Abruzzo, P.M., Ghezzo, A., Bolotta, A., et al., 2015. Perspective biological markers for autism spectrum disorders: advantages of the use of receiver operating characteristic curves in evaluating marker sensitivity and specificity. Dis. Markers, 2015. http://dx.doi.org/10.1155/2015/329607.

M

Adams, J.B., Audhya, T., McDonough-Means, S., et al., 2011. Effect of a vitamin/mineral supplement on children and adults with autism. BMC pediatr., 11(1), 111.

ED

Bhardwaj, M., Kumar, A., 2016. Neuroprotective mechanism of Coenzyme Q10 (CoQ10) against PTZ induced kindling and associated cognitive dysfunction: Possible role of microglia inhibition. Pharmacol Rep., 68(6), 1301-1311.

PT

Castrén, M.L., Westermarck, T., Atroshi, F., 2014. Oxidative Stress and Dietary Interventions in Autism: Exploring the Role of Zinc, Antioxidant Enzymes and Other Micronutrients in the Neurobiology of Autism. Pharmacology and Nutritional Intervention in the Treatment of Disease. InTech. http://dx.doi.org/10.5772/57512.

CE

Constantino, J.N. and Charman, T., 2016. Diagnosis of autism spectrum disorder: reconciling the syndrome, its diverse origins, and variation in expression. The Lanc. Neurology, 15(3), 279-291.

AC

Cornelius, N., Wardman, J.H., Hargreaves, I.P., et al., 2017. Evidence of oxidative stress and mitochondrial dysfunction in spinocerebellar ataxia type 2 (SCA2) patient fibroblasts: Effect of coenzyme Q10 supplementation on these parameters. Mitochondrion, 34, 103-114. Di Marco, B., M Bonaccorso, C., Aloisi, E., et al., 2016. Neuro-inflammatory mechanisms in developmental disorders associated with intellectual disability and autism spectrum disorder: a neuroimmune perspective. CNS Neurol. Disord. Drug Targets, 15(4), 448-463.

Elham, M., 2017. Coenzyme-Q10 deficiency and Stress oxidative in Children with Autism Spectrum Disorders; A poster presentation on the 17th international conference neurology and neuroscience. J.

20

ACCEPTED MANUSCRIPT

Neurol. Neurorehabil. Res, 2(3), 54. Elham, M., Mohammad-Ali, G., Mohammad-Reza, A., et al., 2016. Mitochondrial Dysfunction in Autistic Children and Oral Coenzyme Q10 Supplementation Treatment. Autism-Open Access, 6(4). doi:10.4172/2165-7890.1000189.

CR IP T

Essa, M.M., Braidy, N., Waly, M.I., et al., 2013. Impaired antioxidant status and reduced energy metabolism in autistic children. Res. Autism Spectr. Disord, 7(5), 557-565. Estes, A., Zwaigenbaum, L., Gu, H., et al., 2015. Behavioral, cognitive, and adaptive development in infants with autism spectrum disorder in the first 2 years of life. J. Neurodev. Disord., 7(1), 24. Feng, J., Shan, L., Du, L., et al., 2017. Clinical improvement following vitamin D3 supplementation in autism spectrum disorder. Nutr. Neurosci., 20(5), 284-290.

AN US

Ferreira, D.J.S., Sellitti, D.F., Lagranha, C.J., 2016. Protein undernutrition during development and oxidative impairment in the central nervous system (CNS): potential factors in the occurrence of metabolic syndrome and CNS disease. J. Dev. Orig. Health Dis., 7(5), 513-524. Föcker, M., Antel, J., Ring, S., et al., 2017. Vitamin D and mental health in children and adolescents. Eur. Child Adolesc. Psychiatry, 1-24.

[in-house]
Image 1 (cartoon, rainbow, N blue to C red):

M

Frustaci, A., Neri, M., Cesario, A., et al., 2012. Oxidative stress-related biomarkers in autism: systematic review and meta-analyses. Free Radic. Biol. Med,52(10), 2128-2141.

ED

Frye, R.E., James, S.J., 2014. Metabolic pathology of autism in relation to redox metabolism. Biomarkers, 8(3), 321-330. Ghanizadeh, A., Akhondzadeh, S., Hormozi, M., et al., 2012. Glutathione-related factors and oxidative stress in autism, a review. Curr. Med. Chem., 19(23), 4000-4005.

PT

González-Fraguela, M.E., Hung, M.L.D., Vera, H., et al., 2013. Oxidative stress markers in children with autism spectrum disorders. Br. J. Med. Med. Res., 3(2), 307.

CE

Gu, F., Chauhan, V., Chauhan, A., 2013. Impaired synthesis and antioxidant defense of glutathione in the cerebellum of autistic subjects: alterations in the activities and protein expression of glutathione-related enzymes. Free Radic. Biol. Med., 65, 488-496.

AC

Gu, F., Chauhan, V., Chauhan, A., 2014. Oxidative stress and mitochondrial dysfunction in ASDs. Frontiers in autism research: New horizons for diagnosis and treatment, 407-428. Gvozdjáková, A., Kucharská, J., Ostatníková, D., et al., 2014. Ubiquinol improves symptoms in children with autism. Oxid. Med. Cell. Longev., 2014. Harada, K., Kamiya, T., Tsuboi, T., 2016. Gliotransmitter release from astrocytes: functional, developmental and pathological implications in the brain. Front. Neurosci., 9, 499. Hardingham, G.E., Do, K.Q., 2016. Linking early-life NMDAR hypofunction and oxidative stress in schizophrenia pathogenesis. Nat. Rev. Neurosci., 17(2), 125-134. 21

ACCEPTED MANUSCRIPT

Hargreaves, I.P., 2014. Coenzyme Q 10 as a therapy for mitochondrial disease. Int. J. Biochem. Cell Biol. 49, 105-111. Henschel, A.D., Rothenberger, L.G., Boos, J., 2010. Randomized clinical trials in children-ethical and methodological issues. Curr. Pharm. Des., 16(22), 2407-2415.

CR IP T

Hininger-Favier, I., Osman, M., Roussel, A.M., et al., 2016. Positive effects of an oral supplementation by Glisodin, a gliadin-combined SOD-rich melon extract, in an animal model of dietary-induced oxidative stress. Phytothérapie,14(1), 29-34. Hollis, F., Kanellopoulos, A.K., Bagni, C., 2017. Mitochondrial dysfunction in Autism Spectrum Disorder: clinical features and perspectives. Curr. Opin. Neurobiol. 45, 178-187. Horvath, A., Łukasik, J., Szajewska, H., 2017. ω-3 Fatty Acid Supplementation Does Not Affect Autism Spectrum Disorder in Children: A Systematic Review and Meta-Analysis. J. Nutr.147(3), 367-376.

AN US